Thomson Reuters Foundation

Inform - Connect - Empower

Nutrition aid still a fraction of needs - report

Source: Thomson Reuters Foundation - Wed, 2 May 2012 16:10 GMT
hum-hun hum-peo
Tweet Recommend Google + LinkedIn Email Print
Leave us a comment
p>LONDON (AlertNet) - Aid to tackle undernutrition is just a tiny fraction of the billions needed each year, with global efforts to improve child nutrition slow and inconsistent, says a new report from Action Against Hunger.

The charity's research reveals that, between 2005 and 2009, major donors delivered an annual average of only 0.6 percent ($73.3 million) of the estimated $11.8 billion required each year to expand key nutrition support to all those who need it in the 36 countries where most hungry people live.    

"Without increased investment for nutrition, undernutrition rates will continue to increase in sub-Saharan Africa and remain high in southern Asia," the report notes.

There are more than 3.5 million maternal and child deaths each year related to undernutrition, it adds. Insufficient consumption of calories and nutrients also contributes to disease and disability, and prevents children from growing and developing properly.  

Donors covered by the analysis – which include North American and European governments, the U.N. Children's Fund (UNICEF) and the Bill & Melinda Gates Foundation – failed to honour 11 percent of their nutrition commitments, the report finds.

"The funds that are being invested in nutrition are only delivering some interventions, to some of those in need, some of the time, greatly undermining the principles of aid effectiveness," Sandra Mutuma, Action Against Hunger’s senior nutrition adviser, said in a statement.  

"If international donors are committed to scaling up nutrition interventions, they must act now and provide adequate funds to meet what is required," she added.


Despite the still inadequate levels of financing, the report notes that "an encouraging trend is emerging" as investments in nutrition aid are starting to increase.

"World leaders are beginning to acknowledge that committing funds to nutrition is one of the most cost-effective investments that can be made to improve maternal and child health as well as to stimulate development in poorer countries," it says.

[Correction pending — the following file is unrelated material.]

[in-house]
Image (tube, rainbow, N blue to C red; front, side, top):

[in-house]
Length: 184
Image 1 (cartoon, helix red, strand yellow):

The report examines levels of investment in so-called "direct nutrition interventions", which encompass promoting hygiene and breastfeeding, boosting intake of vitamins and minerals, and feeding malnourished children with special foods. These have the biggest potential for reducing child mortality and diseases linked to undernutrition, according to Action Against Hunger.

Indirect nutrition activities, on the other hand, are broader and address the underlying causes of undernutrition, including the availability of food and quality of water and sanitation.

The research – which analysed aid data gathered by the Organisation for Economic Cooperation and Development (OECD) – finds that comprehensive programmes delivering a full package of direct nutrition interventions receive only 2 percent of total funding for nutrition.

And most nutrition activities are carried out through the health sector or in response to humanitarian crises, the report says.

"Few are delivered through development programmes indicating the reactive, short-term and unpredictable nature of aid for nutrition," it notes.

The report also says there is a "major lack of transparency" in nutrition aid, with much of the relevant data inaccessible due to poor reporting by donors, and calls for improvements to aid reporting systems.

It makes the case for an independent, comprehensive annual review of investments in nutrition so that donors can be monitored and held accountable for commitments they make.

(Editing by Rebekah Curtis)

We welcome comments that advance the story through relevant opinion, anecdotes, links and data. If you see a comment that you believe is irrelevant or inappropriate, you can flag it to our editors by using the report abuse links. Views expressed in the comments do not represent those of the Thomson Reuters Foundation. For more information see our Acceptable Use Policy.

comments powered by Disqus